21. Top of the Lake [is] gorgeous and ambiguous and gripping like a hallucination.
  22. If there is just one thing that The People v. O.J. Simpson is, it’s maddening. Fascinating and involved and nuanced and sympathetic, too.
  23. LeBlanc is brilliant; the writing and direction are brilliant; the show is brilliant.
  24. Girls is smart, bracing, funny, accurately absurd, confessional yet self-aware, but it is also undeniably about four white chicks with, relatively speaking, no worries in the world.
  25. The confident, acerbic new sitcom The Mindy Project is easily the best freshman comedy of the season.
  26. The kid is funny, the mom is funny, the dad is funny, the stories are funny, and Rock's voice-over is fantastic.
  27. In the fifth season, the story has been distilled to just the moments of pathos and characterization and gorgeous direction that make the story work.
  28. This is damn fertile soil for a comedy, and creator Jenji Kohan and the writers of "Weeds" farm it for all it's worth in the show's second season, cultivating vivid, surprising stories that naturally transcend the typical limitations of the half-hour format.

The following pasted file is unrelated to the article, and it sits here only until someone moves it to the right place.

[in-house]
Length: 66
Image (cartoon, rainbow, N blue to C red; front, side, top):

29. This season has done a much better job at focusing on the characters and stories that really pop, and sidelining or writing out the relationships that were boring.
  30. Outstanding on all fronts--acting, cinematography and script are all top-notch--but it happens to be unrelentingly depressing as well.
  31. The acting on this show is so incredible that it's hard to remember that there's any acting going on at all.
  32. Orange Is the New Black [is] Netflix’s hilarious, addictive, fantastic new series about the goings-on at a low-security women’s prison.
  33. Not only does Colbert maintain his persona without skipping a beat throughout the entire show, but he's got great comic timing, the show's writers are brilliant, and the whole thing is pure foolish, bizarre, idiotic fun at Bill O'Reilly's expense.
  34. It carries a stronger sense of artful engagement with the viewer, through both direction and tone.... It’s still not exactly an easy watch, but it’s a far more engrossing one than in season one.
  35. It’s quietly brilliant, as we have come to expect from Simon.